Communtity Law Manual | Police powers | When the police arrest or detain you: Your rights and their duties

Being arrested or detained (held) by the police: Their powers and your rights

When the police arrest or detain you: Your rights and their duties

Crimes Act 1961, s 316; New Zealand Bill of Rights Act 1990, s 23

Cases: [1993] 1 NZLR 528 (CA) – [1993] 3 NZLR 129 (CA) – Practice Note [2007] 3 NZLR 297

If the police arrest you, or if you're not under arrest but the police are holding you (for example, for a search for illegal drugs or weapons), you have these rights:

  • They have to treat you with humanity and respect.
  • They have to tell you, at the time they make the arrest, the reason for it (unless this isn't practical or the reason is obvious in the circumstances).
  • If the police have an arrest warrant, they have to show you the warrant as soon as practical after the arrest if you ask to see it.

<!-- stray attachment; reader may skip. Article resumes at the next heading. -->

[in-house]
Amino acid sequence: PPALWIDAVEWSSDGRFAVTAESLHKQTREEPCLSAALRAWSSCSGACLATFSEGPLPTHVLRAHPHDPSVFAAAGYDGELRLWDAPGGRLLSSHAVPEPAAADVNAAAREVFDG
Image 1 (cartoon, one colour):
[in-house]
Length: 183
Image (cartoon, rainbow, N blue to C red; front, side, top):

• You have the right to remain silent.
  • You have the right to talk to a lawyer, in private and without any unreasonable delay, and the police also have to tell you that you have this right, including that you can talk to a lawyer for free under the Police Detention Legal Assistance scheme (see the “Legal Aid” chapter for details of the PDLA scheme).
  • The police have to charge you promptly or else release you.
  • If they don't release you they have to bring you before a court as soon as possible.

    Note: If the police breach any of those rights, that could be taken into account if you go to court to challenge the arrest as being unreasonable.

Your rights if the police charge you with a crime

New Zealand Bill of Rights Act 1990, s 24

If the police charge you, you have the right to:

  • be told what the charge is
  • talk to a lawyer
  • have a fair and public hearing by an independent and impartial court
  • be presumed to be innocent unless and until you're proven guilty.
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